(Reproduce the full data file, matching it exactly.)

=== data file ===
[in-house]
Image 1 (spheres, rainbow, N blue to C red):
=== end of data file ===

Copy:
[in-house]
Image 1 (spheres, rainbow, N blue to C red):